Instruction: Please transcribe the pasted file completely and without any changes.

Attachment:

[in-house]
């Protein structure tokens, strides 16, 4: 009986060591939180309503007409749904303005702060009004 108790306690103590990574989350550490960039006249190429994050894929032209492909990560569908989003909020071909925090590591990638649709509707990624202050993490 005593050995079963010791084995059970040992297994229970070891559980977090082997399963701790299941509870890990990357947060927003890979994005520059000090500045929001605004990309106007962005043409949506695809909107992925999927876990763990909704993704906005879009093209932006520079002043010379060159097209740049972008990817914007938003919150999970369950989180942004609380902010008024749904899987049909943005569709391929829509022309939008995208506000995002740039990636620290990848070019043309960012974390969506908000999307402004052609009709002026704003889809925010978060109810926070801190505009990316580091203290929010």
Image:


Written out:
[in-house]
């Protein structure tokens, strides 16, 4: 009986060591939180309503007409749904303005702060009004 108790306690103590990574989350550490960039006249190429994050894929032209492909990560569908989003909020071909925090590591990638649709509707990624202050993490 005593050995079963010791084995059970040992297994229970070891559980977090082997399963701790299941509870890990990357947060927003890979994005520059000090500045929001605004990309106007962005043409949506695809909107992925999927876990763990909704993704906005879009093209932006520079002043010379060159097209740049972008990817914007938003919150999970369950989180942004609380902010008024749904899987049909943005569709391929829509022309939008995208506000995002740039990636620290990848070019043309960012974390969506908000999307402004052609009709002026704003889809925010978060109810926070801190505009990316580091203290929010």
Image: